Brad Johnson had played in the Super Bowl before. Maybe not the games watched annually by millions of people, but the games he played in his imagination and on the fields of his tiny hometown, Black Mountain, N.C.
"I've seen myself here before," the Tampa Bay Buccaneers' quarterback said Sunday. "I've practiced this a thousand times with my father. I've visualized this and hoped that one of these years it would come true."
At 34, after kicking around the NFL for more than a decade and winning merely one of the four playoff games he started before the Buccaneers began their unlikely journey to Qualcomm Stadium and Super Bowl XXXVII, Johnson had his dream season.
Johnson completed 18 of 34 passes for 215 yards and two touchdowns Sunday -- and mixed in a crucial, 10-yard run that fueled a drive for Tampa Bay's first touchdown of the third quarter -- as the Buccaneers routed the Oakland Raiders, 48-21, for the franchise's first title. "It's an incredible feeling," he said. "It's one time in life when you can say you're the best in the world.
"It may not last long, but we can say that tonight."
It took him many years to say that, years of wondering if those childhood dreams would come true. But the arrival in Tampa this season of Coach Jon Gruden, who Johnson said inspired him to want to keep playing straight through to next season's mini-camp, revived his championship hopes.
"There was something special about him the first day he got in the building," said Johnson, who had signed with the Buccaneers as a free agent in March 2001. "He wanted me to get excited about football. I always was, but he motivated me even more. He's one of the most positive people I've ever been around."
That was a welcome change for Johnson.
He had always heard about what he didn't have -- quick feet, great mobility, a strong arm. Teammates knew those criticisms bothered him, and they were as happy for his vindication Sunday as he was.
"Never doubt an athlete," said wide receiver Keenan McCardell, who caught touchdown passes of five and eight yards from Johnson. "Never doubt a man's courage and will to be the best. Brad has shown he can go out with the best and win."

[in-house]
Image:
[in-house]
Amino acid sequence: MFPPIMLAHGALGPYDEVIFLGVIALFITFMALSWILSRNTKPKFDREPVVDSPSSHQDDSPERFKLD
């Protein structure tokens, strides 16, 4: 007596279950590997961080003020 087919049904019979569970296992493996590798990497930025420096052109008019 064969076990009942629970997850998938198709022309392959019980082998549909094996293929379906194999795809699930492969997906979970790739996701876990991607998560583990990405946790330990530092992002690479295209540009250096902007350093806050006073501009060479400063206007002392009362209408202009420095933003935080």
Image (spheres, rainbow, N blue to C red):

Said fullback Mike Alstott: "He's the reason the offense did what it did today and all season. When we weren't doing well, he kept working hard to the point where we got better and better."
It seemed to Johnson he was never good enough in one area or another, and that he had to prove his physical and mental strength. Those doubts should have been silenced Sunday, as he orchestrated a balanced and effective offensive effort by a team that was supposed to be carried by its defense.
"It seems like every year, from middle school on, I heard I was too slow or I didn't have enough arm," he said. "I'm used to that. But coming from a small town, and having the support of everyone there, to be a world champion is something quite special....
"I stayed the course. People said some things when I was in Minnesota and then when I was in Washington, but I always played winning football. But everyone was always looking at my 1-3 playoff record. This is where you make yourself. My winning percentage in the regular season is pretty high [.645, second only to Brett Favre's .646 among active passers], but to do something special you have to win the Super Bowl."
And now he is, and he has.
"People always told me that to have a legacy, it's going to take a Super Bowl," he said. "There were people who said I made a mistake [in signing with the Buccaneers], that Tampa's defense was going downhill and we would never win a Super Bowl. But we kept getting better and better and so did our offense....
"The first quarter tonight was a great learning experience. We were sluggish and couldn't get a rhythm but we didn't panic. We stayed together as a team.
"This is the ultimate team game. We have one of the best defenses in the history of football, and it's just been a lot of fun to play with this team."